St. Andrew is the Patron Saint of Scotland and his feast day is on November 30th, giving Scotsmen (and women) the world over another excuse to celebrate.
THE ORIGINS OF THE FESTIVAL
Saint Andrew was one of Jesus’s original disciples, the brother of Simon Peter and a fisherman by trade, who lived in Bethsaida in Galilee (in present-day Israel.) He was originally a follower of St.John the Baptist until he was called to follow Jesus. After Jesus’s crucifixion and subsequent resurrection, Andrew travelled widely in Greece and Asia Minor, preaching as he went and making converts to the new Christian religion. Eventually he fell foul of the Roman authorities who were trying to stamp out the new religion, which refused to worship the Emperor as a god, and he was crucified on a diagonal cross in Patras in southern Greece and buried there.
300 years after his death the Emperor Constantine decided to remove the Saint’s bones to Constantinople, but according to legend the monk St. Regulus was warned in a dream by an angel, who told him to remove as many bones as he could to the “ends of the earth” to keep them safe.
As far as the Greeks and Romans were concerned, Scotland was as near to the world’s end as you could get, so some of his remains were taken to Scotland. St. Regulus brought the relics ashore at what is now St Andrews (some versions say he was shipwrecked there) and a chapel was built to house the bones, followed in 1160 by a cathedral. St Andrews was the religious capital of Scotland and an important place of pilgrimage.
A more plausible version of how the Saint’s bones found their way to Scotland is that Acca, Bishop of Hexham, who was a renowned collector of religious relics, actually bought the bones quite legitimately and took them there in 733 AD.
Unfortunately the bones have now disappeared, probably destroyed during the Reformation when anything connected with “Catholic idolatry” was removed without trace. The site where the relics had been is now marked by a plaque in the ruins of the Cathedral in St Andrews.
Not all of St. Andrew’s bones were originally sent to Scotland, the rest were stolen from Constantinople by the Crusaders in around 1204 and taken to Amalfi in Italy, from where some fragments were sent in 1879 to Scotland, and in 1969 Pope Paul VI gave some further relics to the Catholic church in Scotland during a visit there and these are now displayed in a reliquary in St. Mary’s Roman Catholic Cathedral in Edinburgh.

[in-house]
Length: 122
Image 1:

The cross St. Andrew was crucified on has been adopted as the national flag of Scotland, later incorporated into the Union Flag. One old legend says that in 832 AD an army of Scots led by King Angus was facing an army from the kingdom of Northumbria under Athelstan. The Scottish king prayed to St Andrew for help, and the saltire of St Andrew (the diagonal cross) appeared above them against the background of a clear blue sky. This encouraged the Scots and the battle was duly fought and won, and the saltire is now the national flag (reputedly the oldest national flag in Europe.)
CUSTOMS AND TRADITIONS
St. Andrew’s Day is mainly celebrated north of the Border and by Scots living outside of Scotland, and “St. Andrew’s Societies” flourish. The Saint’s Day is usually a celebration of general Scottishness with traditional food, music (especially bagpipes) and dancing, and of course good Scotch.
The thistle is widely regarded as the emblem of Scotland. There are several varieties of thistle, most of them common weeds throughout the British Isles and nearly all characterised by extreme prickliness. The legend of how the thistle came to be adopted by the Scots tells of how a group of Scots were sleeping in a field when a group of marauding Vikings crept up to attack. Fortunately one of the Vikings stood on a thistle, whose prickles penetrated through to his foot and made him yell with pain, waking the sleeping Scots who were able to fight off their attackers. So, from that day, or so the story goes, the thistle has been adopted as Scotland’s national emblem.